If aptitude testing is not unconstitutional and not “racist” — indeed, highly useful — for the armed forces, why is it evil and racist and un-American for private employers?

#25 Comment By Siarlys Jenkins On April 28, 2012 @ 1:03 am

I was put through four IQ tests during my years in public schools. They show I am somewhere between 70 and 145.

Arthur Jensen, widely decried or admired as a racist (both sides of that being wrong), identified that black children in rural Georgia decline in their IQ scores as they age, suggesting to him that something about growing up black in rural Georgia depresses IQ from what it otherwise would have been.

#26 Comment By JonF On April 28, 2012 @ 6:38 am

Re: Private employers are not permitted to give general aptitude — i.e., IQ — tests.

So what? As I pointed out there are all manner of other tests that they can give. IQ (whatever it is) is hardly the only trait one is looking for in an employee, and I would personally rather have a coworker who was a bit dense than one who was bright but dishonest, lazy, arrogant or just plain mean.

Also you are incorrect about “aptitude” tests in general, as I have had one such given me while applying for a job. It was not an IQ test per se, but it did resemble a sort of dumbed down SAT.
Again I reiterate: employers are NOT banned from testing applicants and many do so. The only tests that are out of bounds are those which have a proven track record of racial bias. Why in the world any honest person thinks such tests should be used is rather eyebrow raising. The point of any such testing after all is distinguish applicants from one another on the basis of skills and ability– not provide an excuse for a lily-white workplace.

#27 Comment By KevinV On April 28, 2012 @ 7:35 pm

I expect that as the fruits of their labors become more and more known and the tally of their score is added up, we’re going to see one heck of lot of these baby boomer swan songs. It’s a good thing there are a lot of them because they have much to answer for.

#28 Comment By Don Quijote On April 29, 2012 @ 9:36 am

I expect that as the fruits of their labors become more and more known and the tally of their score is added up, we’re going to see one heck of lot of these baby boomer swan songs. It’s a good thing there are a lot of them because they have much to answer for.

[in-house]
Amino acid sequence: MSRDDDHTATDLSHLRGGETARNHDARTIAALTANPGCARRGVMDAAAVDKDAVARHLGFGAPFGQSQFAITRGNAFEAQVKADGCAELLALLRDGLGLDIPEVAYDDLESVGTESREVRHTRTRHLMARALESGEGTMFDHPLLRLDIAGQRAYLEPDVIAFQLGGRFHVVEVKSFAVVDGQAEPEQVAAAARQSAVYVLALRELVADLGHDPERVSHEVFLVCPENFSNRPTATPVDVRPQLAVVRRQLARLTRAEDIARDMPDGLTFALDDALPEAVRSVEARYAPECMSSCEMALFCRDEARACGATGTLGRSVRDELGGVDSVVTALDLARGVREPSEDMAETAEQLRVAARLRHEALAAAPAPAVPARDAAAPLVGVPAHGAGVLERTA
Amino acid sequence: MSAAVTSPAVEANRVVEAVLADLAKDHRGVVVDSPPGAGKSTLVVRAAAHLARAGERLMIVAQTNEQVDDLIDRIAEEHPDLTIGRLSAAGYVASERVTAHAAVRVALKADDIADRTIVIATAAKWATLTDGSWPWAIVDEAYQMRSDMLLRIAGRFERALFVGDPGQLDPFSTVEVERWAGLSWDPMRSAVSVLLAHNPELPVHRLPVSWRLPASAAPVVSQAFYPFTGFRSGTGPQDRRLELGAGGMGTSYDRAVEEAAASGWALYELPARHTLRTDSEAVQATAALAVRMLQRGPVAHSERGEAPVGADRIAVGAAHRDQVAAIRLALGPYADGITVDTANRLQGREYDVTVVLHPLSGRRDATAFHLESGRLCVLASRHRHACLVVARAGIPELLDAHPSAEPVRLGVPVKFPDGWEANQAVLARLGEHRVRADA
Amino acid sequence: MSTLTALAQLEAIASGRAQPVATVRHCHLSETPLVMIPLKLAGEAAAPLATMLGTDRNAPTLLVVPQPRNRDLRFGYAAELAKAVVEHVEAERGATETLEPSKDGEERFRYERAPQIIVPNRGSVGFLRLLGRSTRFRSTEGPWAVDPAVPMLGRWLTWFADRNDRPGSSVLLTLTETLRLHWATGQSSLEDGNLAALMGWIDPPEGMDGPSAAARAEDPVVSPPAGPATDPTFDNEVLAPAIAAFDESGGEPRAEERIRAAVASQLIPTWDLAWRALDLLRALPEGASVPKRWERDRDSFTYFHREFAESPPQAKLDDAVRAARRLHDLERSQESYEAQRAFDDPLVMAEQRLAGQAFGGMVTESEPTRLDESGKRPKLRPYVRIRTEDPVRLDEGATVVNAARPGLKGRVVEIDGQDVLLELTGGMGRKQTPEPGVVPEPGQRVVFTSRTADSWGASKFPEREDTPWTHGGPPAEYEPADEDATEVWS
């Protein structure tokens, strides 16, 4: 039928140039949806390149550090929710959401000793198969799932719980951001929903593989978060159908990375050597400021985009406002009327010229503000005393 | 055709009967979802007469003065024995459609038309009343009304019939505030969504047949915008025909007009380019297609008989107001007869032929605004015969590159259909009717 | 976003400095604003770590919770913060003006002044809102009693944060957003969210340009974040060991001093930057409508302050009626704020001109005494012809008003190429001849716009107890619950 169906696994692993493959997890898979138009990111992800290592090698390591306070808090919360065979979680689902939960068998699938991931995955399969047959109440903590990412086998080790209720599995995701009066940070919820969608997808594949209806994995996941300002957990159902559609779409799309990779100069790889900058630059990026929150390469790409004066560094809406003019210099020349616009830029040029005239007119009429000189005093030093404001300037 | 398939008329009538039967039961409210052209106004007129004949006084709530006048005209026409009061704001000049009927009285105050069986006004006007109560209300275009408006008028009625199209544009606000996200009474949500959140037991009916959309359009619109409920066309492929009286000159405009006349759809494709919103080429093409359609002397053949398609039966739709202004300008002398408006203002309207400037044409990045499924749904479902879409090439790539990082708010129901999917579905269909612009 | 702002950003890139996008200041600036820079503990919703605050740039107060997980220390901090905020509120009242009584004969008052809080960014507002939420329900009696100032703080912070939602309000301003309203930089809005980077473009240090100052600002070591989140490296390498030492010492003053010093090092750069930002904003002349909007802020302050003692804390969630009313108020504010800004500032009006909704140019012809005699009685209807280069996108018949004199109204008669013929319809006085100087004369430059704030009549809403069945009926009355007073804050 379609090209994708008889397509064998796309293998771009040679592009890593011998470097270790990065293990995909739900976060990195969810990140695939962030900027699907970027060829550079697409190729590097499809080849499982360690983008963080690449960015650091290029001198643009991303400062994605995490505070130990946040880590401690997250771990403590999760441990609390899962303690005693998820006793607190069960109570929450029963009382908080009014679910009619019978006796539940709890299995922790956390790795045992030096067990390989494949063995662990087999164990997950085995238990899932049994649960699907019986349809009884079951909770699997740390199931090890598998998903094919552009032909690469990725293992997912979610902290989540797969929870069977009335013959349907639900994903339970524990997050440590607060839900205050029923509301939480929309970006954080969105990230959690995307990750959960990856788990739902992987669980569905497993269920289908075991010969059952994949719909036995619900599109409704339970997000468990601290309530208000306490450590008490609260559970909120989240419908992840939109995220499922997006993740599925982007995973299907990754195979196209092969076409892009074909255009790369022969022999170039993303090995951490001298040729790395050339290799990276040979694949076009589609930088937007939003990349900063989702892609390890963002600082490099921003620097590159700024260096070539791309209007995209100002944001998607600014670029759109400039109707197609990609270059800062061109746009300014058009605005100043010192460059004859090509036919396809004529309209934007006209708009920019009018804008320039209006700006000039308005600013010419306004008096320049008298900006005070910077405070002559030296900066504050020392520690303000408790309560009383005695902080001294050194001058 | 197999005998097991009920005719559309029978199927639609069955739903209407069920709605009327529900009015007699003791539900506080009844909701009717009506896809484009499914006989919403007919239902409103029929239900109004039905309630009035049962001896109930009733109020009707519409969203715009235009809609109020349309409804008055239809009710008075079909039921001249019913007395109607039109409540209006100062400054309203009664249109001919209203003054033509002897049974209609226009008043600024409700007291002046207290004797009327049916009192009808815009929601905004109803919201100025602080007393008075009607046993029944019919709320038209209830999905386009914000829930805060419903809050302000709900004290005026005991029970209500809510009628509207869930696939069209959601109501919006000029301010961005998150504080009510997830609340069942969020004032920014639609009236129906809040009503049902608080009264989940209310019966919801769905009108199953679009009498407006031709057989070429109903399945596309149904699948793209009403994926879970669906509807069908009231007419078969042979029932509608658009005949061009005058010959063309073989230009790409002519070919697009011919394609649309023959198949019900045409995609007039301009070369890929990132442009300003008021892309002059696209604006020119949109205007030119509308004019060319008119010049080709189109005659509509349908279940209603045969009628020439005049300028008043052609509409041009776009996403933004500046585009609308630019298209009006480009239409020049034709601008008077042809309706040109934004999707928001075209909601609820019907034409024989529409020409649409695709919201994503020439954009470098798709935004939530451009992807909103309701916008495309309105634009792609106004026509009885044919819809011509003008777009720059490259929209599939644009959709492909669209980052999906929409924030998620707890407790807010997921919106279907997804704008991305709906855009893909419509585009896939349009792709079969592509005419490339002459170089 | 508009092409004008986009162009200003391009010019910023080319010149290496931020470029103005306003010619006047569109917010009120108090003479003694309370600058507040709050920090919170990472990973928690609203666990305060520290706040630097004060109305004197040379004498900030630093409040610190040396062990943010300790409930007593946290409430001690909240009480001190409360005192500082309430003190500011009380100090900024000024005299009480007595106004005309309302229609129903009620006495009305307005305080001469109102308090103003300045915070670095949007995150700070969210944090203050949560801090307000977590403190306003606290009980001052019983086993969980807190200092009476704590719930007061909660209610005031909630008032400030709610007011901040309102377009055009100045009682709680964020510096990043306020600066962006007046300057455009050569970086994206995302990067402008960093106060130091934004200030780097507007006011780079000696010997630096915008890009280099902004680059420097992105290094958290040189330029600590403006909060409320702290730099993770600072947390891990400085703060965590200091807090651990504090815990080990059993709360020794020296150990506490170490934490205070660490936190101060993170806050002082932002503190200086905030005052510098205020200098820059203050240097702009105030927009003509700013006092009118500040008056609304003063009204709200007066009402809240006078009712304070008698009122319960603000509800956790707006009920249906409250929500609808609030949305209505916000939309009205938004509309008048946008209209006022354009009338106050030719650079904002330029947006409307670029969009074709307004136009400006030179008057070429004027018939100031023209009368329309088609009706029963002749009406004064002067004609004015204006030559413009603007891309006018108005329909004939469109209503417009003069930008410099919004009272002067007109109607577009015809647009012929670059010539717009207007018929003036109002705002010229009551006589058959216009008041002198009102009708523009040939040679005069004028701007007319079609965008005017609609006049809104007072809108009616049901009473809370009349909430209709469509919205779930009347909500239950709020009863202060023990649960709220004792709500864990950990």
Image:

Boomers were born between 1945 and 1964, in the 60’s the oldest amongst them were barely in their mid 20’s, so you can’t blame them for the 60’s, in the seventies the oldest were in their early thirties and the youngest in their teens, hard to blame them for the 70’s, in the 80’s the oldest amongst them were in their forties and the youngest in their twenties: now we can start blaming them for Reagan, Bush Sr, the $3 trillion added to the Federal Debt, the Moral Majority and all the various religious hucksters, the various wars of the eighties, the deregulation of the 90’s and all the other bad stuff that happened post 1980….

#29 Comment By Franklin Evans On April 29, 2012 @ 4:17 pm

Wow. Like the ordinary Jew wondering why his rabbi didn’t clue him in on the global Zionist conspiracy, I am appalled that my fellow boomers never dragged me into the grand effort to ruin public education. Sheesh.

Public education was the first fatality in the culture war. That’s how I see it. Instead of being the great equalizer — and it was, and I will assert that to my dying day despite not knowing where to find statistics about it, and I don’t care, nyah nyah — it has become the great blame locator.

First they took away the music classes, and I mourned it’s loss silently. Then they took away the shop classes, and I silently mourned my inability to find an adequate car mechanic. Then they took away the advanced placement classes, and I silently mourned the decline in American-trained scientists and doctors. They’ve replaced it all with a politically correct delusion the every child can do anything his or her parents say they can do, and I silently mourned the parents winning of the lawsuits.

At least more people are beginning to realize what they’ve lost, and are joining me in mourning. That’s a bit of a comfort.

Oh, and I was born in 1956.

#30 Comment By Nick On April 30, 2012 @ 2:41 pm

I have an idea to fix education. Close down 2/3rds of all colleges and universities. This would make the surviving institutions more competetive and would force the K-12 educators to better prepare their students for working in the real world.

#31 Comment By dr blais On March 23, 2013 @ 11:06 am

what about sports where all the money is spent. why do we pay coaches and athletes millions, while teachers ( probably one of the most valuable jobs to society ) starve, and anyone who would make a really good teacher, can not afford to be a teacher, or will choose anything but because, teacher do not get paid enough to live. they should be paid like doctors and lawyers for their value to society. and are dumb ass athletes should be the ones starving and single